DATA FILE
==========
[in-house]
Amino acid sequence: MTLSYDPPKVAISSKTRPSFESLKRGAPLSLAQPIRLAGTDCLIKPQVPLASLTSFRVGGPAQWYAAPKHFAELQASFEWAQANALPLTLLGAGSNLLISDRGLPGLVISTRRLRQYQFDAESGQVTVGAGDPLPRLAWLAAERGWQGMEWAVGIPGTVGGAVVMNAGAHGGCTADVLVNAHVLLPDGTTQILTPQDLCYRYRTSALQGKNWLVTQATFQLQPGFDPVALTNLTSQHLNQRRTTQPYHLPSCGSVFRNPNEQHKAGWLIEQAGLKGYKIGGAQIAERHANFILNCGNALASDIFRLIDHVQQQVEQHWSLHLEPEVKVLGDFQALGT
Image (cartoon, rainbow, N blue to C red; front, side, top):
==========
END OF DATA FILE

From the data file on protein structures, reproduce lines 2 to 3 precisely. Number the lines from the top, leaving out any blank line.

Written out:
Amino acid sequence: MTLSYDPPKVAISSKTRPSFESLKRGAPLSLAQPIRLAGTDCLIKPQVPLASLTSFRVGGPAQWYAAPKHFAELQASFEWAQANALPLTLLGAGSNLLISDRGLPGLVISTRRLRQYQFDAESGQVTVGAGDPLPRLAWLAAERGWQGMEWAVGIPGTVGGAVVMNAGAHGGCTADVLVNAHVLLPDGTTQILTPQDLCYRYRTSALQGKNWLVTQATFQLQPGFDPVALTNLTSQHLNQRRTTQPYHLPSCGSVFRNPNEQHKAGWLIEQAGLKGYKIGGAQIAERHANFILNCGNALASDIFRLIDHVQQQVEQHWSLHLEPEVKVLGDFQALGT
Image (cartoon, rainbow, N blue to C red; front, side, top):